The Wall Street Journal is reporting that USA Swimming is planning dramatic changes to the 2021 Olympic Trials. The official announcement about changes to the format is expected to come at 9AM Eastern Time on Tuesday morning.
The meet will be split into two events, with a primary meet (Wave II) being held from June 13-20 and a secondary meet (Wave I) from June 4-7.
The first wave, Wave I, will be the lower 550-650 qualifiers, with the top 2 finishers in each event advancing to the Wave II meet. The Wave II cuts will be set based on the 41st seeded athlete as of today, plus the qualifiers from the Wave I meet. USA Swimming is expecting around 19 more qualifiers per event, which will set the field for each event at around 50 or 60 swimmers per event.
Once a swimmer qualifies for the Wave II meet, they must swim in the Wave II meet, and may swim any “Bonus” Events that they have at least a Wave I Cut in.
That 41 swimmer cut line was based on, from the last 5 Olympic Trials, the lowest-seeded qualifier to make an Olympic Trials final.
The cut between Wave I and Wave II will be made so that all likely Olympic qualifiers will swim in the Wave II event. In the previous 5 Olympic Trials, Erin Phenix, the 38th seed in the 100 free at the 2000 Olympic Trials, was the lowest-seeded swimmer to qualify for the team. Further, Morgan Scroggy in the 200 back at the 2008 Olympic Trials was the lowest-seeded swimmer to make an Olympic Trials final.
Across all events over the last 5 Trials, 91.8% of those to make an Olympic Team for the US have been from the top 10 seeds in an event.
Lowest Seeds to Make the US Olympic Team, Since 2000
38th seed Erin Phenix 6th place in 100 Free 2000 Olympic Trials
30th seed Gunnar Bentz 5th place in 200 Free 2016 Olympic Trials
28th seed Gary Hall Jr. 1st place in 100 Free 2000 Olympic Trials
28th seed Dana Vollmer 1st place in 200 Free 2004 Olympic Trials
28th seed Gary Hall Jr. 3rd place in 100 Free 2004 Olympic Trials
Lowest Seed to Qualify for a US Olympic Trials Final, Since 2000
41st seed Morgan Scroggy 200 Back 2008 Olympic Trials
40th seed Shannon Draves 200 Fly 2012 Olympic Trials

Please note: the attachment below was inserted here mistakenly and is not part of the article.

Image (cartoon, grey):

40th seed Kate Dwelley 200 Free 2004 Olympic Trials
38th seed Erin Phenix 100 Free 2000 Olympic Trials
35th seed Katie Cowan 200 Back 2000 Olympic Trials
Both meets will be held in the CHI Health Center Arena in Omaha, Nebraska, as planned.
The standards to qualify for Wave I remain the same as the original Olympic Trials standards, with a qualifying period of November 28, 2018 through May 30, 2021. The Wave II meet has the same qualifying period, but faster standards.
Below are the Wave I and Wave II standards:
Even with the delay of the Olympic Trials by a year, the field for this year’s Trials is substantially smaller than in previous years. At the beginning of 2021, there were under 1300 qualifiers for the Olympic Trials, which is substantially less than the 1700+ seen in previous years.
“We figured out this was the best option, and that it still allowed all athletes to have a crack at the Olympic trials, which, for many athletes is the pinnacle of their careers,” said Mike Unger, USA Swimming Chief Operating Officer. “But it also then allowed us to pick the best Olympic team.”
The new plan assumes that COVID-19 vaccines won’t be widely enough available for the majority of participants in the event to be vaccinated.
USA Swimming also told the Wall Street Journal that it was “extremely likely” that a negative COVID test would be required for every attendee to enter the venue, and that regular on-site testing will also be likely. That system was implemented for the recent Pro Swim Series meets in Richmond and San Antonio, with no reported outbreaks from those events earlier this month.
- USA Swimming says that the can roughly break even on the Trials with 60% attendance for the Wave II event, which is about 7,700 spectators. At present, state and local officials are allowing 75% capacity for events at the CHI Health Center Arena.
- The Wave II meet will still be aired on NBC, with arrangements to televise the Wave I meet still under way.
- USA Swimming CEO Tim Hinchey acknowledged that the size of the meet is crucial to the ongoing success of American swimming, serving as a carrot for young swimmers even if they are unlikely to make the team.
- It costs USA Swimming about $3 million to install the two temporary pools in the arena and pay for infrastructure and other event costs.
- USA Swimming has set up several webinars next week to answer questions from coaches.
- The Wave II Event Schedule will follow the standard Olympic Trials schedule, announced here. The Wave I meet schedule, condensed into 4 days, is below.
The Tokyo2020 Olympic Games are scheduled for Friday July 23, 2021 – Sunday August 8, 2021 in Tokyo, Japan.
Wave I Event Schedule:
Prelims begin each morning at 10 a.m. CDT, while finals begin at 7 p.m. CDT.
|Women’s Event #||Event Order||Men’s Event #|
|Friday, June 4|
|Saturday, June 5|
|13||400m Individual Medley||14|
|Sunday, June 6|
|Monday, June 7|
|21||200m Individual Medley||22|
* The 800m and 1500m freestyle events will be conducted as timed finals, with the fastest seeded heat in each of these events swimming in the Finals sessions. All other heats of the 800m and 1500m freestyle events will swim fastest to slowest, alternating women and men following the conclusion of that morning’s preliminary session.
More information will be added as it becomes available.